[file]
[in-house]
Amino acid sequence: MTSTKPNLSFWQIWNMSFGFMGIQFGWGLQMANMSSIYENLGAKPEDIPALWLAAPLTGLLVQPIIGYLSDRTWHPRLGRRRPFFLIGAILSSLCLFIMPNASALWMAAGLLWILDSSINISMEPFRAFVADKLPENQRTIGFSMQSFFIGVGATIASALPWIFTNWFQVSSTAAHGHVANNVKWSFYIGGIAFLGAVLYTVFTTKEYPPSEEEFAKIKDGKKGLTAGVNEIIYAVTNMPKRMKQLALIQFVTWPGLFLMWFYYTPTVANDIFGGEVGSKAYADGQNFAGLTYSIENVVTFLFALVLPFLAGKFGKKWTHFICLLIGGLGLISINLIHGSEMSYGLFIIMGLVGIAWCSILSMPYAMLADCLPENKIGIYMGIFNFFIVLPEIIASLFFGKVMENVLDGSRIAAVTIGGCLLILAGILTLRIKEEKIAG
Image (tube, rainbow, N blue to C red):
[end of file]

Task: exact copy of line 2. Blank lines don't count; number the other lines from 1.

Amino acid sequence: MTSTKPNLSFWQIWNMSFGFMGIQFGWGLQMANMSSIYENLGAKPEDIPALWLAAPLTGLLVQPIIGYLSDRTWHPRLGRRRPFFLIGAILSSLCLFIMPNASALWMAAGLLWILDSSINISMEPFRAFVADKLPENQRTIGFSMQSFFIGVGATIASALPWIFTNWFQVSSTAAHGHVANNVKWSFYIGGIAFLGAVLYTVFTTKEYPPSEEEFAKIKDGKKGLTAGVNEIIYAVTNMPKRMKQLALIQFVTWPGLFLMWFYYTPTVANDIFGGEVGSKAYADGQNFAGLTYSIENVVTFLFALVLPFLAGKFGKKWTHFICLLIGGLGLISINLIHGSEMSYGLFIIMGLVGIAWCSILSMPYAMLADCLPENKIGIYMGIFNFFIVLPEIIASLFFGKVMENVLDGSRIAAVTIGGCLLILAGILTLRIKEEKIAG